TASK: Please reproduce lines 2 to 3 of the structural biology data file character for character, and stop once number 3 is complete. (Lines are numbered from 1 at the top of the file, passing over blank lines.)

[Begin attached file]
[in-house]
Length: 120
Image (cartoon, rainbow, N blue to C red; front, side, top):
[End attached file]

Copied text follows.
Length: 120
Image (cartoon, rainbow, N blue to C red; front, side, top):